The candidacy of Kristin Davis was perceived as one more salvo in Roger Stone’s vendetta against former governor Eliot Spitzer. Stone had been working, in 2007, for New York Senate majority leader Joseph Bruno on a $20,000 a month contract. Bruno was in a long, poisonous fight with Spitzer, and the dirty trickster had been brought in to help. The dirty trick he came up with was cruel, stupid, obvious. To harass Spitzer’s father, an elderly man with Parkinson’s, with a threatening message left on his answering machine:
This is a message for Bernard Spitzer. You will be subpoenaed to testify before the Senate committee on investigation on your shady campaign loans. You will be compelled by the Senate sergeant at arms, if you resist, you will be arrested and brought to Albany – and there’s not a goddamn thing your phony, psycho piece of shit son can do about it. Bernie, your phony loans are about to catch up with you. You will be forced to tell the truth. The fact that your son is a pathological liar will be known to all.
(A clip which compares the audio on the call to Bernard Spitzer, and the audio of Roger Stone on part two of a “Shark Tank” interview.)
“I have been accused of a lot of things but being dumb is not one of them,” said Stone in response to the allegation that he made the phone call. “I don’t deny that the phone number is mine but fabricating my voice would be exceedingly easy. Give me a fucking break. This is the ultimate dirty trick and the kind of terror tactic Spitzer used in the Attorney General’s Office.” He would say that he was at the play Frost/Nixon the night the call was made, though there was no performance that evening. Again, this is Stone: “I have been accused of a lot of things but being dumb is not one of them.” Here is one of Stone’s clients, on the affair: “They caught Roger red-handed lying,” said Donald Trump. “What he did was ridiculous and stupid.” Stone would be fired by Bruno140. When the scandal broke that Eliot Spitzer had paid money for escort services, Stone would allege that he played a key role in the scandal by sending a letter to the FBI after speaking to an escort in a Miami club who’d had Spitzer as a client. The FBI would explicitly state that they never received any such letter. Kristin Davis was a convicted madam who alleged she had provided escorts for Spitzer, dozens maybe hundreds of times, and that Spitzer was abusive to women – but the New York Attorney General had confiscated her records when she was charged, and they showed no evidence of Spitzer ever having been one of her clients. When Alex Gibney dispassionately presented all this in Client 9, his documentary based on the well-researched book of Peter Elkind, Client 9: The Rise and Fall of Eliot Spitzer, Stone would refer to Gibney as “Leni Riefenstahl” on TV141. It didn’t matter that there was nothing connecting Spitzer to Kristin Davis; the evidence didn’t matter. By running Davis, Stone had a means to throw slimy allegations throughout the election season.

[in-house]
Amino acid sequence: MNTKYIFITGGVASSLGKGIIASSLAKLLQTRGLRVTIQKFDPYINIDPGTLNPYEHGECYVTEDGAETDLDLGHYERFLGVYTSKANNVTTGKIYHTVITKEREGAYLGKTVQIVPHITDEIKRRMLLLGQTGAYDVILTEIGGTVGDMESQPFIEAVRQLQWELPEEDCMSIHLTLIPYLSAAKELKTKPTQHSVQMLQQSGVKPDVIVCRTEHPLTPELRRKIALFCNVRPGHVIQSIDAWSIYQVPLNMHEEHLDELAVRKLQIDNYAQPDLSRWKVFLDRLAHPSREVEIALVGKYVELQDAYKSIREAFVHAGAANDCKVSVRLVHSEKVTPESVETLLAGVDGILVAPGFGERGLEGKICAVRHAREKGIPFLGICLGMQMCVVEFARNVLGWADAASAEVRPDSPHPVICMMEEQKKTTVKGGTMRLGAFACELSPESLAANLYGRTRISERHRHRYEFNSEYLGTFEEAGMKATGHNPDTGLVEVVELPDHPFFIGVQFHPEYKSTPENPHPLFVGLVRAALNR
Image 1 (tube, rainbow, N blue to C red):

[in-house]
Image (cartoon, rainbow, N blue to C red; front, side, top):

As said, Paladino was running for the Republican nomination, and Kristin Davis was running for the libertarian ticket. According to Stone, he had no connection to the Paladino campaign, though his close associate, Michael Caputo was running it, his assistant Dianne Thorne was on it, as was Michael Johns, the man who’d played a role in the Angolan chemical weapons incident involving BMS&K, as well as Tim Suereth, Thorne’s husband, who’d work alongside Stone before and after this campaign. Thorne’s stepson, Andrew Miller, would get paid for work on the Paladino campaign before shifting over to Kristin Davis. Stone would say that Paladino came to him for campaign advice on the outset, and that he’d help pick out his campaign staff. There were other intersections. When Paladino’s campaign kicked off at the Elliott Square Building in Buffalo, New York, Stone was there on the scene. A month before the election, attorney Lora Como, a campaign aide of Paladino’s , would allege that she’d been assaulted by Stone while they were at his Chelsea apartment. “He threw me to the ground and bruised my ribs. He was hostile and menacing and I wanted him arrested for assault and I went to the police,” alleged Como. Stone would acknowledge a disagreement with Como and that they were together at his apartment, but had a different version of events. He’d asked her to leave, and she’d gotten upset, he said. “I completely reject her assertion that I ever hit her or abused her in any physical way,” he said. In the article reporting the incident, “Assault claim vs. Carl’s aide Stone” by Fred Dicker, Stone was now referred to as a key campaign adviser of Paladino142. “The Kristin Davis Post-Election Party: Pretty Much What You’d Expect” by Brianna Strange, reported that Stone was at Davis’s election night party, along with Miller, still her campaign manager143.